IBM intros Telum chips, can detect fraud in real-time
IBM has unveiled the details of the upcoming IBM Telum Processor.
Designed to bring deep learning inference to enterprise workloads to help address fraud in real-time. Telum is IBM’s first processor that contains on-chip acceleration for AI inference while a transaction is taking place.
The chip is a sign of IBM’s deep investment in AI capabilities. The Telum Processor was in development for three years and aims to provide business insights at scale across banking, finance, training, insurance, and customer interactions, including preventing fraud in real-time.
The chip, should it deliver on its promises, according to IBM, should prove helpful for banks, said Robert Keblusek, chief innovation, and technology officer at IBM partner Sentinel Technologies.
Banks “are constantly challenged with identifying fraud, and doing it at scale certainly seems like a challenge,” Keblusek said. “If IBM’s new chip can do this at scale and can detect more advanced fraud activities sooner or during the transaction, that seems like a game-changer for that industry.”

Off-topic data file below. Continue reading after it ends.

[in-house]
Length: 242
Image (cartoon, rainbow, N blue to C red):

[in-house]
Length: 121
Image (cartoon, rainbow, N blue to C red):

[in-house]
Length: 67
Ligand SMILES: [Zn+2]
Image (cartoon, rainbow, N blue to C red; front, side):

The chip contains 8 processor cores with a deep superscalar out-of-order instruction pipeline, running with more than 5GHz clock frequency, optimized for the demands of heterogeneous enterprise-class workloads. The completely redesigned cache and chip-interconnection infrastructure provides 32MB cache per core and can scale to 32 Telum chips. The dual-chip module design contains 22 billion transistors and 19 miles of wire on 17 metal layers.